“It has been said that the progressive example of the GLC was the reason the Thatcher abolished it.”
By Our Correspondent
This week, Ken Livingstone’s family issued a statement that read as follows:
“In response to media enquiries, the Livingstone family today announce that Ken Livingstone, ex-MP for Brent and former mayor of London, has been diagnosed with and is living with Alzheimer’s disease.
“Although a previously prominent public figure, Ken is now retired and lives a private life. He will no longer be available for any media interviews or requests and we will not be responding to any media questions or enquiries.
“Ken is being well cared for by his family and friends and we ask you for your understanding and to respect his privacy and that of his family.”
In light of this news, we reproduce a column Ken Livingstone wrote for Labour Briefing to mark 20 years since he was first elected Mayor of London.
GLC and Mayoral Days
It’s hard to believe that twenty years ago I became Mayor of London and that next year will mark forty years since the Labour Left gained the leadership of the Greater London Council (GLC.)
Labour Briefing gave great support in both of these struggles, and although the world – and British politics – is very different to twenty, yet alone forty, years ago our socialist principles are still just as important in both understanding the key challenges facing us, and in order to develop policies that can tackle them, for the future of both the planet and its population.
Whilst looking at both experiences there are of course many things I would do differently, and we certainly made mistakes, but I am still deeply proud of both periods of running London from the Left.
Additionally, where we could we also sought to give a platform and support to communities and campaigns organising for a better society.
In terms of the GLC, it has been said that the progressive example of the GLC was the reason the Thatcher abolished it.
In those remarkable years, we sought to demonstrated that a progressive alternative based on our socialist principles was not only possible, but that it could deliver for Londoners, with policies such as Fares Fair reducing transport costs by 32 per cent.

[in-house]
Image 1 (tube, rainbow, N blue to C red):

I am perhaps most proud that in that time we also fought so strongly for equality. Our stances against racism, sexism and homophobia were derided as “loony left”, with ‘The Sun’ claiming I was the most odious man in Britain. But we stood our ground and we were at the forefront of changing attitudes towards women, LGBT, disabled and black people, including within the Labour Party itself.
Then in 2000 when I won the Mayoralty against the odds and Tony Blair’s New Labour machine, I joked that I was continuing what “I was saying, before I was so rudely interrupted 14 years ago.”
And whilst we had less power in many ways than in the GLC years, I sought to continue this strong stance.
We organised events such as the Respect Not Racism (later renamed Rise) festival, Eid in the Square, the Trafalgar Square Hanukkah celebrations, and the St Patrick’s Day celebration of London’s Irish community.
We led the campaign with others for a statue to mark Nelson Mandela, and I issued a public apology for London’s role in the slave trade on the anniversary of the Haitian revolution.
In terms of LGBT rights, the Civil Partnership Act of 2004 created Britain’s first ever register for same-sex couples and helped lead the way to same-sex marriage nationally.
We also tried to again improve London’s transport system, making travel free to under-18s and over-60s, and doubling the number of buses on key routes.
Soon after winning the election, we mounted a legal challenge to the Blair government’s misconceived decision to part-privatise the London Underground. Although we lost the court battle, we were proven right and the Underground is now back in public hands.
We took a risk in introducing the Congestion Charge, but it showed that practical policies could help protect the planet alongside environmental campaigning.
We also brought together municipal leaders from across the world to tackle climate change in the C40 organisation of mayors. All around the world, this organisation continues to this day and crafts policies to help tackle the climate emergency.
Boris Johnson quickly rolled back on these policies as Mayor and abandoned further steps we planned to take. Now, the Left must again in London, nationally and internationally prioritising putting a socialist green agenda forward.
I am also proud we used our platform to support progressive political causes, and didn’t give up on internationalism.
In particular, I remember declaring London an anti-war city to oppose Bush and Blair’s illegal war in Iraq. I also remained a champion of Palestinian rights and peace in Ireland, despite the backlash our support for both had led to in the GLC years.
Finally, without doubt the time I was most proud of London and Londoners when I was Mayor, was after the terrorist atrocity on July 7.
Londoners overwhelmingly heeded our calls for unity and by continuing to respect London’s diversity we showed that people could come together against both terrorism and those who sought to use the tragedy to fan the flames of division and hate.
Today, that message of unity and hope is needed more than ever.